Chronic lymphocytic leukemia
Other Names for this Disease
- Leukemia, lymphocytic, chronic
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bone marrow and then invades the blood. Overtime, CLL may also spread to the lymph nodes and other organs including the liver, spleen and lungs. It occurs when the stem cells that make lymphocytes become out of control and produce increasing amounts of abnormal lymphocytes (also called leukemic cells). Eventually, these abnormal cells replace normal lymphocytes and can crowd out other types of normal blood cells, leading to the features of the condition. Early signs and symptoms of CLL may include fatigue, weight loss, loss of appetite, fever, night sweats and/or frequent infections. The exact underlying cause of CLL is unknown; however, approximately 5% of affected people have other family members with the condition, which suggests there may be a genetic component in rare cases. The best treatment depends on many factors including the stage of the condition, the age of the affected person, the blood cell counts, whether the CLL has recurred, and the signs and symptoms present in each person.Chronic lymphocytic leukemia (CLL) is a cancer of the lymphocytes (a type of white blood cell) that begins in the stem cells of the
Last updated: 12/27/2014
- Chronic Lymphocytic Leukemia Treatment (PDQ®). National Cancer Institute. November 2014; http://www.cancer.gov/cancertopics/pdq/treatment/CLL/Patient/page1.
- Chronic lymphocytic leukemia (CLL). MedlinePlus. March 2014; http://www.nlm.nih.gov/medlineplus/ency/article/000532.htm.
- Chronic Lymphocytic Leukemia. NORD. October 2011; http://rarediseases.org/rare-disease-information/rare-diseases/byID/858/viewAbstract.
- Chronic Lymphocytic Leukemia. Medscape Reference. September 2014; http://emedicine.medscape.com/article/199313-overview.
- The American Cancer Society provides information on Chronic lymphocytic leukemia. Please click on the link to access this resource.
- The Leukemia and Lymphoma Society has an information page on Chronic lymphocytic leukemia. Click on the link to view this information page.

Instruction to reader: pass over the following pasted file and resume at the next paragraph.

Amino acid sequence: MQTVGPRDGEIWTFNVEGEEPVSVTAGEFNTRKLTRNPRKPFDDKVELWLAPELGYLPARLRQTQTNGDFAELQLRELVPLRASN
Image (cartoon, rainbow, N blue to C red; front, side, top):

- MedlinePlus was designed by the National Library of Medicine to help you research your health questions, and it provides more information about this topic.
- The Merck Manual provides information on this condition for patients and caregivers.
- The National Cancer Institute provides the most current information on cancer for patients, health professionals, and the general public.
- The National Organization for Rare Disorders (NORD) has a report for patients and families about this condition. NORD is a patient advocacy organization for individuals with rare diseases and the organizations that serve them.
- Medscape Reference provides information on this topic. You may need to register to view the medical textbook, but registration is free.
- The Merck Manual for health care professionals provides information on Chronic lymphocytic leukemia.
- The Monarch Initiative brings together data about this condition from humans and other species to help physicians and biomedical researchers. Monarch’s tools are designed to make it easier to compare the signs and symptoms (phenotypes) of different diseases and discover common features. This initiative is a collaboration between several academic institutions across the world and is funded by the National Institutes of Health. Visit the website to explore the biology of this condition.
- Online Mendelian Inheritance in Man (OMIM) is a catalog of human genes and genetic disorders. Each entry has a summary of related medical articles. It is meant for health care professionals and researchers. OMIM is maintained by Johns Hopkins University School of Medicine.
- PubMed is a searchable database of medical literature and lists journal articles that discuss Chronic lymphocytic leukemia. Click on the link to view a sample search on this topic.